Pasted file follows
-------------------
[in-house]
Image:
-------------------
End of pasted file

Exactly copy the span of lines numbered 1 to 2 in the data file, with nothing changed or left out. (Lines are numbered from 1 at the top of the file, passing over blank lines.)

[in-house]
Image: